Wendy Cook is one of our favorite financial writers, and she recently wrote a piece telling the story of how she came to invest with evidence-based advisors. I think her story is valuable, especially for people new to investing or those looking for a different approach. With her permission, we are reprinting her letter here in full. Enjoy! —Alex
By Wendy J. Cook, Wendy J. Cook Communications, LLC (Reprinted with permission)
Hire an adviser or “Do It Yourself”? If ever there were a promising candidate for a DIY approach, it would be me.
That’s not always been so. When I embarked on my investment journey around 1990, I was just a typical investor about to enjoy a tech-boom-fueled run in the markets. Then, in 1998, I happened to accept a position at a fee-only Registered Investment Advisor firm, where I was introduced to a new way to invest. At the time, it was called “passive” or “index” investing. I’d written about healthcare, libraries and pet care products. Why not finance? I knew as much about investing as the next person.
Which is to say, I knew nothing.
In what turned out to be one of the luckiest breaks in my life, I heeded my new employer’s advice and shifted my scattered stocks into a globally diversified portfolio of low-cost funds, using what we now call “evidence-based investing.” I didn’t really know why, but to be a team player, I took a leap of faith.
Then that tech bubble burst and, boy, did I learn fast how lucky I’d been to have placed my blind faith where I did. Not only did I happen to sell at the height of the bubble, but I was relatively protected when it blew up. Plus, I got to do some tax-loss harvesting, so I paid almost no gains on the transformation. Suffice it to say, I’ve never looked back.
Since then, I’ve learned a lot more about the whys and wherefores of my actions. What began as beginner’s luck has matured over the years into the deepest appreciation for the science and wisdom of evidence-based investing. From my personal experience as well as the many tales I’ve been privy to in my day job, I know that, compared to any other strategy … well, there is no comparison. Here’s a working definition of evidence-based investing:
Evidence-based investing is grounded in the evidence that market-timing and security selection in relatively efficient markets are not expected to benefit investors after costs. Instead, investors are best served with efficient, low-cost portfolios that: (1) reflect their personal financial goals; (2) expose them to globally diversified sources of persistent market returns (such as asset class and/or factor exposure); and (3) help them manage their damaging behavioral biases.
So these days, I’ve got way more understanding of the science of investing, with way more disciplined decision-making capabilities and way better abilities to spot a financial pig in a poke. I’ve also seen the intricacies of portfolio management first-hand, with sufficient working knowledge to go DIY if I had to — especially with today’s automated robo-advisor services to help with the heavy lifting.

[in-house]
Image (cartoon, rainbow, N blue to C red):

Still, I won’t do that. In fact, the more I learn about investing, the more comfortable I am paying for the advice that I know I still need. Here are a few reasons even a sharpshooter like me should not hit the trails by herself:
Me and My Brain — Knowing about my behavioral biases doesn’t immunize me against them. Whenever the financial you-know-what hits the fan, I value having an evidence-based adviser as my dependable sounding board, to confirm that I’m remaining rational … or to let me know if I’m not.
Me and My Education — Since I first discovered evidence-based investing, that evidence has refused to sit still. If anything, its pace has only quickened as new, seemingly credible possibilities augment existing insights and spur off in intriguing directions. To help separate the substance from the senseless distractions, I collaborate with my adviser as I consider what to make of the news. Otherwise, circle back to the first point: My brain is always trying to play expensive tricks on me.
And all this is before we even get to the many second-opinion questions I pepper the guy with, on everything from our estate plans, home mortgage and insurance coverage to whether he happens to know a good criminal lawyer for a friend of mine whose son got in a bit of a tight spot.
Me and My Family — My poor husband. Through vicarious absorption, he’s had to learn way more about investing than he’d probably prefer. But if that proverbial bus were to suddenly call me home (and the way I drive, that’s not such a stretch), I feel so much better knowing that all he has to do on the financial front is to call Phil. I would like my family to miss me for my good company, my good humor, and maybe my good cooking — not for my ability to manage a mean trade sheet.
Me and My Time — Which brings me to my last point. Even if I could do all of the above on my own, my long run as a disciplined evidence-based investor has left me in the fortunate position that I can afford to pay Phil to do it instead. Frankly, I’d rather be writing articles like this, and leaving the nitty-gritty portfolio management to somebody else. Thanks, Phil!
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